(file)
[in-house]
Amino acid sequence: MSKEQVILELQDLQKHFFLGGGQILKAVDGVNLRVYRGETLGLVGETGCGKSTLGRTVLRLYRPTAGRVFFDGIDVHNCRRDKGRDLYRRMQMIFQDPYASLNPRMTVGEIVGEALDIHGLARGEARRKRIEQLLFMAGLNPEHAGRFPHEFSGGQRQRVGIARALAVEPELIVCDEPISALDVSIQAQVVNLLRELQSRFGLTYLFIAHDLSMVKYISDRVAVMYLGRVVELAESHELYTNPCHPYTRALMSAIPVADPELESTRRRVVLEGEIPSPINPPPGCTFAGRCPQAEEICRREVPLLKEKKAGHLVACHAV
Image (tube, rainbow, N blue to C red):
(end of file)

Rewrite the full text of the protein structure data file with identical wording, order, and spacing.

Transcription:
[in-house]
Amino acid sequence: MSKEQVILELQDLQKHFFLGGGQILKAVDGVNLRVYRGETLGLVGETGCGKSTLGRTVLRLYRPTAGRVFFDGIDVHNCRRDKGRDLYRRMQMIFQDPYASLNPRMTVGEIVGEALDIHGLARGEARRKRIEQLLFMAGLNPEHAGRFPHEFSGGQRQRVGIARALAVEPELIVCDEPISALDVSIQAQVVNLLRELQSRFGLTYLFIAHDLSMVKYISDRVAVMYLGRVVELAESHELYTNPCHPYTRALMSAIPVADPELESTRRRVVLEGEIPSPINPPPGCTFAGRCPQAEEICRREVPLLKEKKAGHLVACHAV
Image (tube, rainbow, N blue to C red):